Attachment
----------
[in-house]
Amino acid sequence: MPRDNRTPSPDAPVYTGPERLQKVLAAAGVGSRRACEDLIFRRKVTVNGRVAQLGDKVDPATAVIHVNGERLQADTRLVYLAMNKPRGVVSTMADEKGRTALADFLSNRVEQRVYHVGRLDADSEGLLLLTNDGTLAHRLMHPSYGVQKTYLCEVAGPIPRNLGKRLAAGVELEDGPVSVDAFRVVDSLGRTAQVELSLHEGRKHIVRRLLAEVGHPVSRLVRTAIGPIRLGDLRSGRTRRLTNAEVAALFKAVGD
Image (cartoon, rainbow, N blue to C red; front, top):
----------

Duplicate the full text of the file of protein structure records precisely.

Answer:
[in-house]
Amino acid sequence: MPRDNRTPSPDAPVYTGPERLQKVLAAAGVGSRRACEDLIFRRKVTVNGRVAQLGDKVDPATAVIHVNGERLQADTRLVYLAMNKPRGVVSTMADEKGRTALADFLSNRVEQRVYHVGRLDADSEGLLLLTNDGTLAHRLMHPSYGVQKTYLCEVAGPIPRNLGKRLAAGVELEDGPVSVDAFRVVDSLGRTAQVELSLHEGRKHIVRRLLAEVGHPVSRLVRTAIGPIRLGDLRSGRTRRLTNAEVAALFKAVGD
Image (cartoon, rainbow, N blue to C red; front, top):